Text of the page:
When six-year-old Emily asked her father if she could be a real princess, Virginia resident Jeremiah Heaton took his daughter’s wish quite literally. No tiaras, frilly dresses or distant Disney dreams for this little girl. Heaton gave her the real deal, or at least, is trying to — the royal title of princess, complete with land for her to rule, in an 800-square-mile patch of desert in the Middle of Nowhere, Africa.
Heaton searched the Internet for terra nullius, or unclaimed land, and received permission from Egyptian authorities to visit a plot of land roughly half the size of Connecticut between Egypt and Sudan. Locals call the area Bir Tawil, a land unclaimed by its neighbors after a discrepancy in borders drawn in 1899 and 1902. But Heaton and his family call it “Kingdom of North Sudan,” ruled by King Heaton and Princess Emily after he planted a homemade blue flag on on July 16, Emily’s birthday.
“I wanted to show my kids I will literally go to the ends of the earth to make their wishes and dreams come true,” Heaton told the Washington Post.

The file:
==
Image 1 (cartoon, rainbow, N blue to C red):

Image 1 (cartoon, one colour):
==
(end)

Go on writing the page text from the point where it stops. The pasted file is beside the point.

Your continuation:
But claiming land designated terra nullius isn’t first come, first served. To obtain real political authority, Heaton must receive legal recognition from Egypt, Sudan, the United Nations or other political groups. He hopes to forge positive relationships with the neighbors of the “Kingdom of North Sudan” by turning the arid desert into an agricultural production center. Most of all, Heaton is arguing that his approach to winning land is far more civil than the bloody imperialism of history.
“I founded the nation in love for my daughter,” Heaton said.
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